I agree with you that an author definitely has a way into the story and understands it intimately. As someone who studied English literature and who was all about the literary criticism in the past, I think it’s possible for other people to have a great understanding of a novel, but they have to work at it. Sometimes that doesn’t happen with various aspects of marketing, but I think for someone to really engage readers with their efforts (whether it’s through book design or book trailers), then NEED to understand the book intimately too. If they don’t, then I think you’re right that an author might have a very real advantage when it comes to creating a book trailer.

  4. January 28, 2011 at 9:23 am

    That was the same thought I had when I first saw the second one, too, Helene. In fact, I can’t really only watch it once. When I see it, I have to play it again at least 3 more times. I really have no idea how many times I’ve seen this trailer. : )

  5. January 28, 2011 at 2:52 pm

    When I think of trailers, I think of the one that Maggie Stiefvater did on her own for Linger. She even composed the music for the background. It was stop-motion and she did all the cut-outs herself. She’s super talented!! At the end Scolastic has a part in the trailer, but following Maggie on her blog, she did the hard work behind the trailer. Successful!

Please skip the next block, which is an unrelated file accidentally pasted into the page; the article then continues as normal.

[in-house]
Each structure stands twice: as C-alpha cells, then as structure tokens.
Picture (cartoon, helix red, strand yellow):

6. January 28, 2011 at 3:14 pm

    I know exactly what you mean about the ones Maggie Stiefvater did for not only Linger, but also Shiver. Those were gorgeous trailers and I think they were really successful as well.

  7. January 28, 2011 at 4:21 pm

    Just saw this post on All Things YA and had to stop by.
    I’m a debut author and I’m working on my trailer now. The process reminds me of why I hated screenwriting! In a trailer (like a movie) so much of the story is told visually. I’m good with words, but imagery? Type treatments? Music? (Not to mention putting it all together.) It’s pretty cool that so many authors are able to do it all so well! I’ll follow along the discussion and see what I can learn. Thanks!!

  8. January 28, 2011 at 4:37 pm

    Thanks for stopping by, Amy.

    I can only imagine how overwhelming the whole process could be, and I know from experience that it doesn’t always work in the favor of the one who is trying to do it. I think the author-created/funded trailer for Hold Still definitely does suggest that it is possible. And of course, every one you make will only get better. :)

  9. January 28, 2011 at 6:08 pm

    Oh wow the second trailer is so much better. I think low budget trailers often feel like they have more heart. That being said if technology and money are used right they can make awesome trailers, but the heart still has to be there.

  10. January 28, 2011 at 7:45 pm

    Yes, you’re right about that…no matter how much something costs, it definitely must have the heart in it. It’s true of any trailer, but with a book like this, I think it’s even more important.

  11. January 28, 2011 at 9:38 pm

    I definitely liked the author-made video better. I think a lot of what makes a “good” trailer boils down to concept — is the trailer fascinating enough to make you want to learn more about the book?Eyeballing low-budget vs. high-budgets can be tricky. Sometimes it can be hard to categorize production value just by looking at a video. Although if I saw something with tons of VFX/mogfx I’d assume that it’s higher budget. I did a live-action book trailer for a joy project with no budget and I have no idea whether it looks like someone spent money on it or not.One of my favorite author-made trailers is Courtney Summers FALL FOR ANYTHING. Captures the tone and emotion of the novel perfectly.http://courtneysummers.ca/2010…/